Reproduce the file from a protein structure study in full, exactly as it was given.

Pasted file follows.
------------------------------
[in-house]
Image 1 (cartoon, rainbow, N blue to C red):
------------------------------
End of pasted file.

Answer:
[in-house]
Image 1 (cartoon, rainbow, N blue to C red):